The Last Leopard: A Life of Giuseppe di Lampedusa by David Gilmour
Lone Star Rising: Lyndon Johnson and His Times, 19081960 by Robert Dallek
The Triumph & Tragedy of Lyndon Johnson: The White House Years by Joseph A. Califano Jr.
The Man Who Knew Infinity: A Life of the Genius Ramanujan by Robert Kanigel
Snow Jobs (poem)
The Radetzky March by Joseph Roth, translated by Eva Tucker, translated by Geoffrey Dunlop
Hotel Savoy, including ‘Fallmerayer the Stationmaster’ and ‘The Bust of the Emperor’ by Joseph Roth, translated by John Hoare
‘The Spider’s Web’ and ‘Zipper and his Father’ by Joseph Roth, translated by John Hoare
The Emperor’s Tomb by Joseph Roth, translated by John Hoare
Flight Without End by Joseph Roth, translated by David LeVay
The Silent Prophet by Joseph Roth, translated by David Le Vay
‘The Legend of the Holy Drinker’ and ‘Right and Left’ by Joseph Roth, translated by Michael Hofmann
Hunger and Public Action by Jean Drèze, by Amartya Sen
Talking It Over by Julian Barnes
Freud and Moses: The Long Journey Home by Emanuel Rice
Freud’s Moses: Judaism Terminable and Interminable by Yosef Hayim Yerushalmi
In the Realm of a Dying Emperor: A Portrait of Japan at Century’s End by Norma Field
Islamic History: A Framework for Inquiry, Revised Edition by R. Stephen Humphreys
Harlot’s Ghost by Norman Mailer
The Battle of the Books: History and Literature in the Augustan Age by Joseph M. Levine
South: A Play by Julian Green
The Distant Lands by Julian Green, translated by Barbara Beaumont
Paris by Julian Green, translated by J. A. Underwood
Adrienne Mesurat by Julian Green, translated by Henry Longan Stuart, revised by Marilyn Gaddis Rose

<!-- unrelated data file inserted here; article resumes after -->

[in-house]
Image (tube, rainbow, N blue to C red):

Ian Buruma is the Henry R. Luce Professor at Bard. His books include Murderer in Amsterdam: The Death of Theo Van Gogh and the Limits of Tolerance, Taming the Gods: Religion and Democracy on Three Continents, and the novel The China Lover. His book Year Zero: A History of 1945 will be published in September 2013.
Conor Cruise O’Brien (1917–2009) was an Irish historian and politician. He was elected to the Irish parliament in 1969 and served as a Minister from 1973 until 1977. His works include States of Ireland, The Great Melody and Memoir: My Life and Themes.
James Merrill (1926–1995) was an American poet whose major work The Changing Light at Sandover describes a series of spirit communications conducted over many years. He won the National Book Award from his collections Nights and Days and Mirabell: Books of Number.
C. Vann Woodward (1908–1999) was a historian of the American South. He taught at Johns Hopkins and at Yale, where he was named the Sterling Professor of History. His books include Mary Chesnut’s Civil War and The Old World’s New World.
John Weightman (1915–2004) was a critic and literary scholar. After working as a translator and announcer for the BBC French service, Weightman turned to the study of French literature. He taught at King’s College London and the University of London. His books include The Concept of the Avant-Gardeand The Cat Sat on the Mat: Language and the Absurd.
Alfred Kazin (1915–1998) was a writer and teacher. Among his books are On Native Grounds, a study of American literature from Howells to Faulkner, and the memoirs A Walker in the Cityand New York Jew. In 1996, he received the first Lifetime Award in Literary Criticism from the Truman Capote Literary Trust.
Bernard Lewis is Cleveland E. Dodge Professor of Near Eastern Studies Emeritus at Princeton. His most recent books are Music of a Distant Drum and What Went Wrong: Western Impact and Middle Eastern Response. (May 2002)